Obviously you've got to have speed, that doesn't change. So big guys that can move, and I think we addressed that and the other part is guys that are versatile. You look at this list of guys, you've got guys that can play a lot of positions and I think that's really, really important to me is to get guys that can -- I don't want to pigeon hole guys. Sometimes, A'Shon Riggins didn't play corner at high school, he was a receiver and he was a really good basketball player. So we used those two things to project him as a corner and he ended up coming in here and starting as a freshman. To me you get the right body type with the right kind of character and the right kind of competitive spirit and then you get those guys in the right spot.

This gives us a lot of flexibility with a lot of these guys to be able to mix and match 'em and once we get 'em here figure out the best play for them to play.

Q. What was the process like recruiting your son and I imagine it wasn't something that probably started here but what was it like for you?
TOM ALLEN: It was different. I just think that, you know, as a parent -- first of all, the whole calendar is really, really -- makes it difficult as a dad to take him places. Because when we are doing our job of running camps and working, then you're doing that. So you can't leave and go take him on visits over the summer.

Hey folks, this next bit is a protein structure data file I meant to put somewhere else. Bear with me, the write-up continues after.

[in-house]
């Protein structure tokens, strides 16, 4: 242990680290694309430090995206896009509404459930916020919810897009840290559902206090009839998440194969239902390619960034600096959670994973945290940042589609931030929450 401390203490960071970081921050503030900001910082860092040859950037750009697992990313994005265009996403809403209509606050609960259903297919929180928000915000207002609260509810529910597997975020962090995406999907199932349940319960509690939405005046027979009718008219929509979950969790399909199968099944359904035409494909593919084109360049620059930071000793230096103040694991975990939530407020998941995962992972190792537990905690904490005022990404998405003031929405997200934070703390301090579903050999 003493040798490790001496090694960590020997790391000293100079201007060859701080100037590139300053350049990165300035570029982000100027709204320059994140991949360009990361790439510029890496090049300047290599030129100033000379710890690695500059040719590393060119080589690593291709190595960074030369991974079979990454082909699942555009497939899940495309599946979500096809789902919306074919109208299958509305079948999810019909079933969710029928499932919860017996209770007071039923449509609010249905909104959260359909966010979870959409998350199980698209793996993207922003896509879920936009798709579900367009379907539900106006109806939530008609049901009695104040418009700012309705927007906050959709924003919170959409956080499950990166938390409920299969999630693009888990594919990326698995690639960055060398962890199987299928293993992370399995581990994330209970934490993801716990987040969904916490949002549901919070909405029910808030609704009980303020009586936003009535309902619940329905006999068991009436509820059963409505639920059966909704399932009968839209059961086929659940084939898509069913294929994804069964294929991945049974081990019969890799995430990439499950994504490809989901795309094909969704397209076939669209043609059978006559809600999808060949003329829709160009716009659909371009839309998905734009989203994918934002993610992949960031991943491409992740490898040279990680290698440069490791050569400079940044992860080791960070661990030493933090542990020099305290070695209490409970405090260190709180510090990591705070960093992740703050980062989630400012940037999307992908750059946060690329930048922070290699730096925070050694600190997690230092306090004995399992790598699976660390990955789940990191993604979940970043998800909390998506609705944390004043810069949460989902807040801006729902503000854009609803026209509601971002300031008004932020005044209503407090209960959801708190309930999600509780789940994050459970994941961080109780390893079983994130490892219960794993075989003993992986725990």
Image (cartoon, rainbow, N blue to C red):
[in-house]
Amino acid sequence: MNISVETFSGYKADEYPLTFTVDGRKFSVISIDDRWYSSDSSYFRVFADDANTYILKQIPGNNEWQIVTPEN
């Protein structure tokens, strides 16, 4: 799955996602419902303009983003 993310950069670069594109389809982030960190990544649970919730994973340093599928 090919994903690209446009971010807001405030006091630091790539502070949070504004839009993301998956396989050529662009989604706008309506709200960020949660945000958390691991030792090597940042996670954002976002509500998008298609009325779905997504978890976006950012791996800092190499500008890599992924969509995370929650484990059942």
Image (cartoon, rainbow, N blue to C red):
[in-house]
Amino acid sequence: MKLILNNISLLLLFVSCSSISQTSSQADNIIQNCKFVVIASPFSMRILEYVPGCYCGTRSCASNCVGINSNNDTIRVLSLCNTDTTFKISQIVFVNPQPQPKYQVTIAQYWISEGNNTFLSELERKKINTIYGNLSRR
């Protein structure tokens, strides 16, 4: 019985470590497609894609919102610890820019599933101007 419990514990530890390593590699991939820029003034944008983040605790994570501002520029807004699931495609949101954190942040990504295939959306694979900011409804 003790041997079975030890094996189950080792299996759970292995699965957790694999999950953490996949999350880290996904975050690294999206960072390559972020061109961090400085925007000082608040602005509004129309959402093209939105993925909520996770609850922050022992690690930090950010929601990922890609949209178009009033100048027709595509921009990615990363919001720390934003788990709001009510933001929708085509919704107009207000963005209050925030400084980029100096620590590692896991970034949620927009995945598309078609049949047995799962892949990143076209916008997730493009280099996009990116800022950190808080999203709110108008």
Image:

Plus he was going to be a mid-year guy, so he wasn't going to have time to do January visits. So then when it goes dead nobody can take any visits, even coaches. So there was a two-week period over the summer when I would have time for me to go do it and it was a tough situation. It started back at when I was at South Florida with Coach Taggart, and we had to work out something for me to be able to go do that and they were the first one to offer and they came to me and they said we want to offer your son and I'm like, all right, go ahead. I just -- I said I don't want to have anything to do with it. I don't want to recruit him. I don't want to evaluate him. I want you guys to treat him like anybody else, but take me out of the mix. If you feel like he's good enough to play then we'll go -- I want you to treat me as a dad because what happens with coaches kids they get treated differently and you don't want to do that. I want him to be recruited by his position coach and go through the whole process of him feeling like he got recruited not that he's Coach Allen's kid and he's just always around. It's just different because everybody knows him and he's there and he comes to practice.